Dear Professor Diamond
Thank you for sending your paper ‘National Debt in a Neoclassical Growth Model’ to the American Economic Review. The paper has now been read by two referees, and I’m afraid the news is not good.
Referee A raises a fundamental objection. Your model has a two period structure, where agents work in the first period but do not work in the second. This assumption is simply stated in one paragraph on your page 2, but is not justified in any way. In that sense it appears entirely ad hoc. Furthermore, as referee A stresses, it appears to contradict (is internally inconsistent with) another fundamental part of you model, which is that agents attempt to smooth consumption over time. The referee is quite happy with that assumption, as it clearly comes from standard postulates about the utility of the consumption of goods. Yet why should these postulates not also apply to the consumption of leisure? As the referee points out, if agents tried to smooth leisure in the same way as they smoothed consumption, there would not be any ‘retirement’. As this concern strikes at the heart of your model, it is troubling.
Referee B raised rather different issues. They pointed out that the model implies a constant interest rate that is only a function of the population growth rate. The model therefore makes a clear prediction, but as the referee points out interest rates have fallen in this country over the last two decades, without any matching declines in the population growth rate. So the model has been clearly falsified by events, and therefore cannot be the basis of any meaningful discussion of the impact of national debt. The referee is also concerned that you failed to locate your analysis within an ontological discussion of the open rather than closed nature of the social realm, which makes your deductivist and formalist reasoning about socially constructed variables problematic, to say the least.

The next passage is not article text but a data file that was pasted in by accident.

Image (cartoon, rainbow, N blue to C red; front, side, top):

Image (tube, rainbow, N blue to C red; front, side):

I am therefore very sorry to inform you that we will be unable to publish your paper. Referee A did make a number of helpful suggestions about how ‘retirement’ could be microfounded, and I am sure you will find the extensive reading list referee B provided on economic methodology helpful in any future work.
My apologies to Nick Rowe, whose post gave me the idea. I actually think asking the question why we have retirement is revealing, but writing the above was easier than attempting an answer. (And I also think economic methodology is important!)